Synopsis: Sparklines were introduced in Excel 2010. In this article we look at how to create and format these tiny charts.
Until now Excel charts have been graphic objects that are generally positioned and sized independently of worksheet cells. In Excel 2010 Microsoft introduced the Sparkline, a new type of chart that actually lives in a worksheet cell. They can be particularly useful when you are short of space, or when you need to give a simple graphical message without a lot of detail or artistic elaboration.
Look at this worksheet of sales data for 2011.
The monthly sales data for each member of a team is shown. We can look at the numbers for each team member but there is no simple visual snapshot of how each of them is doing, or of how the two sales regions are doing overall.
Let’s insert a new column before the January one and insert Sparklines to see how they look. First, select Column B and right click to see the shortcut menu.
Select Insert, and Excel 2010 creates a new empty column.
Select cell B3, then select the Insert tab. You should see the Sparklines group on the ribbon.
Click Line in the Sparklines group.
You use the Create Sparklines dialog first to choose the data to be reported on. There is no need to type into the Data Range box, although you can if you want to. Just select the cells to be reported on using the mouse as shown here.
The selected cells are surrounded by the “marching ants” selection box and the cell range is automatically shown in the Data Range box in the Create Sparklines dialog. In this case the range is “C3:N3”.
You can place the Sparkline in any worksheet cell, but Excel 2010 defaults to placing it in the cell you previously selected, which in this case is B3. That selection is shown in the Location Range box in the Create Sparklines dialog.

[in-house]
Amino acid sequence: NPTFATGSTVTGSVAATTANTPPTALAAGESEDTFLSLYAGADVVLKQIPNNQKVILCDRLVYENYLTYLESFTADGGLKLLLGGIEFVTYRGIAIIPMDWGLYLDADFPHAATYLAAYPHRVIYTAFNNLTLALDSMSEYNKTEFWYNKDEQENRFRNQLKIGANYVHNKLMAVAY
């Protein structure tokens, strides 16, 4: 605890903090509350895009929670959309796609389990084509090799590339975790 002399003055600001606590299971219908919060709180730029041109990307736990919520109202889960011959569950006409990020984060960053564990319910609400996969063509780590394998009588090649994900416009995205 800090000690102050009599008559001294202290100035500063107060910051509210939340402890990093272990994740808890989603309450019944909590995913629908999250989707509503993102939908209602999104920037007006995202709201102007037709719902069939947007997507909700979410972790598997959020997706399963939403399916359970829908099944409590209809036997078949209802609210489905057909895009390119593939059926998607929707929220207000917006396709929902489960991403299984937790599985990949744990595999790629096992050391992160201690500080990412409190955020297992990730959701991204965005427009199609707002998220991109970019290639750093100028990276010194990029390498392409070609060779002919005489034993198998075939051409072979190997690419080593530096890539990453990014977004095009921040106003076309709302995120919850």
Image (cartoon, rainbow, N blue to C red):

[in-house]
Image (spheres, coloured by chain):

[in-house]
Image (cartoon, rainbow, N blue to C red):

Click OK and the Sparkline is created.
Notice that in this case the Sparkline shows a slight deterioration in the sales person’s performance with strong seasonal variations as well.
You don’t need to repeat this process for each of the other cells in Column B. You can copy and paste, or even use Fill Down. For example, select B3 then drag down with the mouse to B8. Then use the keyboard shortcut Ctrl-D to fill down.
Sparklines are created for each of the selected cells. (The Sparklines themselves are treated as a group in Excel, and if you want to work on them individually you will need to ungroup them.)
It’s easy to change the formatting of one or more Sparkline. Here I’ve selected the Sparklines for the two regional totals and the Grand Total.
Now, on the Design tab, in the Type group, select Column. The three selected Sparklines are changed.
There are various other ways of formatting Sparklines.
For example, under Sparkline Tools on the Design tab when you have a Sparkline selected you can choose from a gallery of possible designs.
Tip: Note that a Sparkline is actually part of the background of a cell, and you can still place text in the cell if you want to!